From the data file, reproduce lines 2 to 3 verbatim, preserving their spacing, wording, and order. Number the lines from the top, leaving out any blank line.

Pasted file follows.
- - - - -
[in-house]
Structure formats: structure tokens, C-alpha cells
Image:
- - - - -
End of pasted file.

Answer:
Structure formats: structure tokens, C-alpha cells
Image: